I had an inquiry recently that
did not go forward but got me thinking.
The job was to design a passenger ferry for Lake
Tanganyika. All parties assumed it would
be aluminum or fiberglass, and built in Europe.
I wondered why it could not be
built locally in Africa with local plywood and
epoxy? That would be less expensive and
very long lived.
My first USCG certified
catamaran design was built of plywood/epoxy in
1984 and still operates every day in Kona, Hawaii.
That operation would not only remove
the large dollar cash transfer from developing
countries to industrialized ones, but it would
create a local skill-
set that would allow future vessels to be built
the same way.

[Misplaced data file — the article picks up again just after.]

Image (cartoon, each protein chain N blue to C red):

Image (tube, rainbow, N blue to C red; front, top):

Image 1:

Only the epoxy, sheathing fiberglass
and machinery would need to be imported.
The design could and would conform
to classing society rules and thus could be easily
insured. In appearance and function, it would
be identical to a plastic or metal one built here.
I see my role as not only designing
the vessels, but also assisting in design of the
process to build them.
I am by now, expert in both
plywood/epoxy construction vessel design
Furthermore, I do considerable
US Coast Guard certified vessel design.
This design could take advantage of my experience.
I do come from a long line
of advocates. My parents were in Africa
in the 50s with the Near East Foundation and the
Koinonia Foundation, and later in the 70s with
the Peace Corps. My daughter is presently
in the Peace Corps in Azerbaijan.